Helping Older Drivers Stay Safe: A Guide for Family & Friends

For many adults, driving represents independence and control over our lives – our ability to go where we want, when we want. Most of us need to use a car to get to work, and even if we’re  retired, we need a car to run errands and get around. Driving helps us stay connected with friends and the things we enjoy. It is especially important in suburban and rural areas, where there are few alternatives to the personal automobile for transportation.

For anyone who’s had the experience of temporarily being unable to drive, we know the disruption that not having access to our personal vehicle causes, for even a day. So it’s understandable that older adults find the prospect of not driving a difficult issue to face. The good news is that, with some planning and communication, cutting back or “retiring” from driving can be a gradual process that allows the older driver and their family and friends to make decisions and adjust to new circumstances together, rather than a sudden event that causes distress and isolation.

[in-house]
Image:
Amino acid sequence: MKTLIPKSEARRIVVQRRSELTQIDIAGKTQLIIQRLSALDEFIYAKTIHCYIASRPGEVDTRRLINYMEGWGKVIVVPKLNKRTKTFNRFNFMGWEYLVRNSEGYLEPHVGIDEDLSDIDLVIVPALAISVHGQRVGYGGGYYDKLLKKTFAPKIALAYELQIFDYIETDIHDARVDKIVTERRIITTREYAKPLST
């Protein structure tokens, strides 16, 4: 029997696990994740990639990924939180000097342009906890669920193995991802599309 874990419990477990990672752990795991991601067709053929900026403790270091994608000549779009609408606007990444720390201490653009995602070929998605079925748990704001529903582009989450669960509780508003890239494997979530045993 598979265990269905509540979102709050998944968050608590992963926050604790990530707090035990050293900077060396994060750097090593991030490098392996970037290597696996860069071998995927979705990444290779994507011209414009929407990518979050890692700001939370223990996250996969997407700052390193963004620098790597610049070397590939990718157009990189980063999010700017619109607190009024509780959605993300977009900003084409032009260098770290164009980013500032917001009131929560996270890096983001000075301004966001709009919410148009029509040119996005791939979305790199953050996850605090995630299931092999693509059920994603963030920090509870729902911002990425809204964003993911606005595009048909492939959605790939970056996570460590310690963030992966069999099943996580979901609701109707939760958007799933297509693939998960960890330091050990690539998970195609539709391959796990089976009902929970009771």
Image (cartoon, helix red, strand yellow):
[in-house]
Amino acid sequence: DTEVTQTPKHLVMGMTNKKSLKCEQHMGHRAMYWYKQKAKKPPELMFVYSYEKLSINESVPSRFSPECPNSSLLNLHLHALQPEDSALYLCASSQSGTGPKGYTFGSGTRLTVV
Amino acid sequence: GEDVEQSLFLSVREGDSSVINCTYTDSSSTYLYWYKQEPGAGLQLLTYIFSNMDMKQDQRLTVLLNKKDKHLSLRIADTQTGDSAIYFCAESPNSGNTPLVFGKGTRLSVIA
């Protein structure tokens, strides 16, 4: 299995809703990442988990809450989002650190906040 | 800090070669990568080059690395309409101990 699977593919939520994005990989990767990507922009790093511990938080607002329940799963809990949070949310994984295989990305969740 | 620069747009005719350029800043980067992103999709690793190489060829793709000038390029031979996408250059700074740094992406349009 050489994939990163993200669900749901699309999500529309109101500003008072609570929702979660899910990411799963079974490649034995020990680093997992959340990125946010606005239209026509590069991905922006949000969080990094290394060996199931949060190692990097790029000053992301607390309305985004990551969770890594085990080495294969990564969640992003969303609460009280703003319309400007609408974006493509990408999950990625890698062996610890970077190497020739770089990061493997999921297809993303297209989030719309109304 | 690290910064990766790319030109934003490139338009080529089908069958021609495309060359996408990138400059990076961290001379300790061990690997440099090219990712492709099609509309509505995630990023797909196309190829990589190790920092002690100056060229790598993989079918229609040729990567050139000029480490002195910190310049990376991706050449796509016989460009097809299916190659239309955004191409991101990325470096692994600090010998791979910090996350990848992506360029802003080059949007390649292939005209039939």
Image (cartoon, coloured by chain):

This guide will help you, as a family member or friend, know  when and how to get involved in an older person’s decision on whether they should modify their driving routine, or if it would be safer if they no longer drove. You’ll also find information on how PennDOT’s license evaluation and recall process works, and  additional resources to help refresh driver knowledge and skills.